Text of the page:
Microbiome critical for bone hormone action

PTH (parathyroid hormone) increases calcium levels in the blood and can either drive bone loss or bone formation, depending on how it is produced or Read more

More NMDA but less excitotoxicity? Now possible

Many researchers have wanted to enhance NMDA receptor signals to treat disorders such as schizophrenia. But at the same time, they need to avoid killing neurons with “excitotoxicity”, which comes from excess calcium entering the Read more

Update on pancreatic cancer: images and clinical trial

In 2018, Winship magazine had a feature story on pancreatic cancer. Our team developed an illustration that we hoped could convey the tumors’ complex structure, which contributes to making them difficult to treat. Oncologist Bassel El-Rayes described how the tumors recruit other cells to form a protective shell. "If you look at a tumor from the pancreas, you will see small nests of cells embedded in scar tissue," he says. "The cancer uses this scar Read more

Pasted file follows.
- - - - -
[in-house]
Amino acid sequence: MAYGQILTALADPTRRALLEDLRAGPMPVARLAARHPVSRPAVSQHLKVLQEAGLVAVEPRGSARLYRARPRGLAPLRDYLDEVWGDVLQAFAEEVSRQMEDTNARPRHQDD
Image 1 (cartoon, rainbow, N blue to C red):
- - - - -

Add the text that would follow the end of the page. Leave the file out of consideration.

non-coding RNA

Shape-shifting RNA regulates viral sensor

Congratulations to Emory biochemists Brenda Calderon and Graeme Conn. Their recent Journal of Biological Chemistry paper on a shape-shfting RNA was selected as an Editor’s Pick and cited as a “joy to read… Technically, the work is first class, and the writing is clear.”

Calderon, a former BCDB graduate student and now postdoc, was profiled by JBC in August.

Brenda Calderon, PhD

Calderon and Conn’s JBC paper examines regulation of the enzyme OAS (oligoadenylate synthetase). OAS senses double-stranded RNA: the form that viral genetic material often takes. When activated, OAS makes a messenger molecule that drives internal innate immunity enzymes to degrade the viral material (see below).

OAS is in turn regulated by a non-coding RNA, called nc886. Non-coding means this RNA molecule is not carrying instructions for building a protein. Calderon and Conn show that nc886 takes two different shapes and only one of them activates OAS.

Conn says in a press release prepared by JBC that although nc886 is present in all human cells, it’s unknown how abundance of its two forms might change in response to infection. Read more

Posted on by Quinn Eastman in Uncategorized Leave a comment